The greatest of the “gimmicks”, Castle’s Tingler is known more for delivering buzzes to unsuspecting viewers than any real scares, but the film is a fantastic watch even if your home isn’t wired for “Percepto”. The plot is at first glance silly, and at second glance horrifying, occupying hallowed ground in my youth: the aforementioned “tingler” is a centipede-like parasite that lives in the human spinal cord. The “tingling” sensation we feel when we are afraid (“spine-tingling”) is the creature growing and curling around our spine. The spine will be crushed by the creature’s growth (“dying of fright”) if the terrified person does not scream. Silly. But to a little kid, that idea, of a parasite laying dormant inside my body, waiting to slice my spinal cord at the right moment of utmost terror, was surprisingly potent.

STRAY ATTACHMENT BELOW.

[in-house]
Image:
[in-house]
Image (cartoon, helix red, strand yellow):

Deaf and mute Martha, who is really in the wrong movie for a mute, falls victim to the parasite after a series of terrifying hallucinations, explained away by the first-ever depiction of LSD in a film (then legal).
Of course, the real story about The Tingler is really about Castle placing “buzzers” under the seats of a few patrons, buzzing them at a key sequence and encouraging the frantic patrons to scream for their lives. This ingenious bit of shock-tactic would be impossible today (some patron would probably sue), when gimmicks are relegated to over-bloated “3D” films. Still, watching The Tingler, I’m reminded of the best that campy horror can be: bizarre, improbable, creepy, and endlessly enjoyable.
Britta R. Moline 3/24/12